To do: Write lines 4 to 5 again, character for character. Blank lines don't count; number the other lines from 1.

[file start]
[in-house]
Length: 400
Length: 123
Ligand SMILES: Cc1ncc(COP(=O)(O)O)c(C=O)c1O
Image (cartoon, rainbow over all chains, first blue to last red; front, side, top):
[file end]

Ligand SMILES: Cc1ncc(COP(=O)(O)O)c(C=O)c1O
Image (cartoon, rainbow over all chains, first blue to last red; front, side, top):